Unlike many other serial killers, the snipers shot their victims and did not engage in direct bodily contact with them. They also did not belong to the “troubled white man” trope of so many of their predecessors. They shot people of all ages and all walks of life, striking fear into the community they targeted. Both of those aspects appear chillingly similar to the Tampa case.

Next: This killer stayed under the radar, despite heinous crimes. 

7. Coral Eugene Watts

a judge holding a gavel

Watts was convicted of first-degree murder. | Chris Ryan/Getty Images

Even though Watts killed at least 80 and maybe more than 100 people, he did not become a household name like many of the others. According to the LA Times, courts convicted Watts of first-degree murder in 2004, for the 1979 killing of a woman in the Detroit suburb of Ferndale. Watts received immunity for 12 other killings to which he had confessed as part of a 1982 deal with Texas prosecutors. He said he killed women “with evil eyes.”

“What’s amazing to me is everybody in America has heard of a Ted Bundy, a John Wayne Gacy, Jeffrey Dahmer. But when you mention the name of Coral Eugene Watts, 99.99% of the public has no clue who you’re talking about,” said Andy Kahan director of the Crime Victims Office for the Mayor of Houston.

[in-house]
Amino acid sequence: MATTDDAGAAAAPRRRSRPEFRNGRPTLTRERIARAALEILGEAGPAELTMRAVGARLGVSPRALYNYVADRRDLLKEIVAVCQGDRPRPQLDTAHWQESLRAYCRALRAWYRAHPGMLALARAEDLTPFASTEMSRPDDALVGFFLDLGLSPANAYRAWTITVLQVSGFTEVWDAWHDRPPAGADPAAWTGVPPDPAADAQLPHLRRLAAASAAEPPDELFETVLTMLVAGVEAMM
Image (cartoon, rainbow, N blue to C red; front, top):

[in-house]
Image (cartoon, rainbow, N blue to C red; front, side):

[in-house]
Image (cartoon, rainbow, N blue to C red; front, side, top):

Watts earned himself the name the “Sunday morning slasher” after murdering three female victims in Ann Arbor, Michigan, CBS News reported. He killed his victims in a myriad of ways: drowning, asphyxiating, slashing, hanging. He never left evidence or witnesses to his crimes.

In exchange for a guilty plea to “burglary with the intent to commit murder” and a 60-year prison sentence, Watts offered confessions for 12 unsolved homicides if they gave him immunity for them. The killer needed more than a week to explain all of his murders, and he led police to three shallow graves.

Like the Tampa killer, he worked quickly. He did not form personal relationships with his victims and killed them in familiar surroundings. The killer also gave no motives for any of his crimes.

Next: This killer marked the first person California executed by lethal injection.

8. The Freeway Killer

The second wave of combat helicopters of the 1st Air Cavalry Division fly over an RTO and his commander on an isolated landing zone